Below is a sample of our findings – if you discover more and want to pass them along, we’re happy to update the list.

Sales tax NOT included in Box 1a

For example, the following platforms indicate in their documentation that sales tax is likely NOT included in the gross amount reported to the IRS:


In their help page, eBay states: “Additionally, Form 1099-K does not include the sales tax when it is automatically collected and remitted by eBay.”


This support page from Poshmark states: “Your Form 1099-K will only include income as calculated by gross sales (including fees, refunds, and cancelled orders) on the Poshmark platform.”


Their help page is a bit less clear, stating that the gross sales includes “Sales tax collected by you.” However, just below that, they make this statement: “In some cases, Etsy collects sales tax from buyers and remits it to tax authorities on behalf of sellers. If Etsy has collected tax on your behalf, these amounts won’t appear on your 1099-K form.”

Sales tax included in Box1a

However, other platforms either don’t spell it out very clearly or imply the opposite – that sales tax collected IS included in the Box 1a amount:


There does not appear to be an easy-to-find, definitive answer, but this thread on their discussion board indicates that sales is included.


This page from their help center states that their Unadjusted Gross Payment combines various amounts, including: “Sales tax charged to buyer (a separately stated sales tax paid by the Buyer at the time of purchase and remitted directly to the state under Mercari’s sales tax registration)”

Square, Shopify and likely most shopping cart platforms

A quick search finds this discussion from the Shopify community stating that their 1099K had sales tax included. And another from Square users bringing up the exact same point


The content in this page should not be construed as legal or tax advice. Please consult an attorney or tax professional regarding your specific tax situation.

Creating confusion

The IRS’s own instructions for Schedule C provides a great starting point for confusion. Looking at the instructions for Line 23 (expenses for taxes and licenses,) you will find the following two statements:

You can deduct the following taxes and licenses on this line.

  • State and local sales taxes imposed on you as the seller of goods or services. If you collected this tax from the buyer, you must also include the amount collected in gross receipts or sales on line 1.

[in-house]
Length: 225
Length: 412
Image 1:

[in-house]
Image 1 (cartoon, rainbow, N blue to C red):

Do not deduct the following.

  • State and local sales taxes imposed on the buyer that you were required to collect and pay over to state or local governments. These taxes are not included in gross receipts or sales nor are they a deductible expense. However, if the state or local government allowed you to retain any part of the sales tax you collected, you must include that amount as income on line 6.

Clear as mud, right?

Adding to the confusion, there are statements from some “experts” that it’s critical to have your tax return line up with the forms that the IRS receives. But if you are a multi-channel seller, and the IRS receives multiple 1099-Ks that are based on different calculations, how are you supposed to get your amounts to line up?

It is unlikely that members of Congress understood the full potential for inconsistency when they introduced Form 1099-K for the 2011 tax year. Yet it has remained relatively unchanged for the last 12 years. And now, with the threshold for “gross amount” dropping to $600, this confusion will impact more small sellers than ever.

It doesn’t have to be a big deal

From our perspective, what’s most important is that you get to the correct amount of tax owed. That’s where good bookkeeping comes into play. If you are a multi-channel seller facing the possibility of receiving multiple 1099-Ks that included different numbers (like sales tax,) it becomes critical to have the order-level details (product price, any discounts, shipping, sales tax collected, fees charged, etc) broken out and properly categorized so that you can sub-total by any or all of them. This way, should anyone come asking, you can produce accurate reports of every total, and even drill down to the specific transactions behind them.